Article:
A little over eleven years ago, I published Save Them From Secularism. I wanted to fill a gap in the parenting literature. As I see it, the majority of helpful Christian parenting books deal with the heart, motives, behaviour, correction, communication, and roles. Few deal with a child’s deep view of reality: his imagination. The shaping of the child’s overall picture of reality is the most fundamental shaping force in his life. In the book, I argue that the imagination can be shaped, in cooperation with the Holy Spirit.
When I originally wrote, social media was just hitting its stride. There was no such thing as ten year-olds with smart phones and multiple social media accounts. Child YouTube stars hadn’t even been dreamed of. No one yet saw that screens were going to become the new cocaine. But in the online world, ten years is equivalent to a whole generation. It’s occurred to me to add some chapters to the book.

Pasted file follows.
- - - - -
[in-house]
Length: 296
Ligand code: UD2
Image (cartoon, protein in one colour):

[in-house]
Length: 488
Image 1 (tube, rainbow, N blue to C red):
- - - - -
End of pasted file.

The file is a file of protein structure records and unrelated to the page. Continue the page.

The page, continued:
In the last few years, some good literature has come out that helps parents with the dangers. Predictably, the first Christian responses were all about the content: pornography, violence, and false teaching. That remains an important area to guard and shape.
More recently, writers have been dealing with the negative ways people use the internet: time-wasting, pseudo-relationships, addictive scrolling, gossip, and the negative traits that come out in people: envy, boasting, narcissism, lust, voyeurism, ungodly speech hiding behind anonymity, and covetousness.
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Do We Really Believe That Singleness and Marriage Are Equal in God’s Sight?